Vous êtes sur la page 1sur 1

Konzerthaus Berlin

Julian Cochran Fnf Mazurken fr Klavier

ochran composed the Five Mazurkas between 2005 and 2010. Their title points to the traditional Polish Dance yet these works carry Slavic motifs and extend a wider intellectual and atmospheric variety from the folk music origin. Cochran started the Five Mazurkas while working on his Five Romanian Dances and the stylistic influence between the two sets is evident. Throughout all the Mazurkas there is a rhythmic emphasis on either the second or third beat within the bar, contrasting the Waltz which tends to accent the first beat, and the consistency in tempo and meter combined with clear structures lends this and much of Cochran's work to ballet. Gil Sullivan first took Mazurka No. 1 outside of Australia and performed it before a standing ovation at Carnegie Hall in New York during December 2007. The work beings with a majestic and rhythmic subject which is contrasted by a second lyrical subject characterised by a succession of rapid flurries with notes. The third subject appears to be entirely new again yet it is a direct variation of the second subject now played in the Octagonic Scale - alternative tones and semi-tones. The public's enthusiastic reaction to Gil's international performances might have influenced Cochran to write the second Mazurka in late 2007. This work carries a larger structure and is once again enriched with rhythmic ingenuity. For example the second subject's 4/4 meter is displaced over the 3/4 accompaniment yet the phrase paradoxically retains symmetry and balance as a whole. Such rhythmic contradictions, each

requiring its own novel solution, appear to recur throughout Cochran's works. Furthermore, periods of rhythmic instability are contrasted with periods stability as a separate dimension to how harmonic dissonance and consonance are classically contrasted. Mazurka No. 3 arose from an unusual harmonic progression in which each successive harmony falls by one tone while alternating between the major and minor: E major, D minor, C major, Bb minor, etc. The music provides rhythmic challenges for the pianist including interlacing 3/4 and 6/8 meters between the left and right hands. While the key of A major is yearned for by the listener throughout the work, it is persistently avoided and the listener is generally held in suspense via the dominant E major harmony. Towards the climax however the audience is stunned by the major and minor falling sequence suddenly consuming the entire keyboard range, uniting at the centre in fortissimo and finally descending in semitones prior to the conclusion of the A major harmony at last repeated three times to emphasise the extraordinary and satisfying answer. Mazurka No. 4 introduces an immense and varied world to the listener. Despite the great diversity of atmospheres and the execution of many ideas, the entire work is derived from one seed. There is an emphasis upon the 4th and 6th notes of the minor scale where the 4th note augmented. Importantly, the 5th note is mockingly avoided throughout all of the subjects and this capricious contradiction drives many of the ideas heard in this powerful work. Like the first Mazurka, the harmonic key often modulates to the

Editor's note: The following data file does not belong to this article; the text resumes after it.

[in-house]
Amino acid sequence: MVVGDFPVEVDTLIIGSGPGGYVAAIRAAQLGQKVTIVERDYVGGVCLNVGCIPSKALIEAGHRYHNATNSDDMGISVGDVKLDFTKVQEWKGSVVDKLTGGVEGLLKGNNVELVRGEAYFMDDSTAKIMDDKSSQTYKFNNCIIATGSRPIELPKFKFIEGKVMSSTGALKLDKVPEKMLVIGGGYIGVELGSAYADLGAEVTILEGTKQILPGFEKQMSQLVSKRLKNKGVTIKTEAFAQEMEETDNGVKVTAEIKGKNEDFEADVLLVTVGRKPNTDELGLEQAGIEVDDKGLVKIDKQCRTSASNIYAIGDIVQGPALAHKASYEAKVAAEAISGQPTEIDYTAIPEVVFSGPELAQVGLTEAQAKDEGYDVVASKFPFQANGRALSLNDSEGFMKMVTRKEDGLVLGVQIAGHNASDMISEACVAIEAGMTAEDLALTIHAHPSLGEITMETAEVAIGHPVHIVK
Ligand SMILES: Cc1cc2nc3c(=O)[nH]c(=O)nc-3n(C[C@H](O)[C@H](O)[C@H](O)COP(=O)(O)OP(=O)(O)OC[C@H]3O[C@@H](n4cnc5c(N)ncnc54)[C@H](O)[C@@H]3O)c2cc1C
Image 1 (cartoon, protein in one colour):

augmented 4th, for example C minor modulating to F# minor. Cochran's music often treats such harmonies as more closely related than the classical dominant, for example from C to G, arising from his deeply embodied use of the Octagonic Scale. Furthermore when the minor scale is used it is very common, perhaps more frequent, for Cochran to augment the fourth note (Romanian Scale) giving rise to this C to F# relationship again. The Romanian Scale is applied throughout all five Mazurkas either with the principal themes or secondary themes. The first draft of Mazurka No. 5 was completed in late 2009 while Cochran was editing the Third Piano Sonata. This final Mazurka was greatly revised however during 2010 prior to its publication. A small modification to the opening subject prompted the entire work to be edited owing its interweaving throughout the work. Although written in parallel with or close to the time of Mazurka No. 4 it belongs to a vastly different world, yet it encapsulates so much of Cochran's musical language into a single work. The orchestral-like possibilities of the concert grand piano are demonstrated effectively. For example the final return of the main theme is played in fortissimo and leads suddenly, and with the strikingly unexpected appearance, to a pianissimo lower register tremolo which clearly indicates the timpani. This then erupts into the same theme played in a burst one final time before the third subject is briefly sung by an ethereal spirit. She is very quickly invigorated by an ascending force carrying its weight through all registers, and she elevates herself to sing through it triumphantly with her final thought.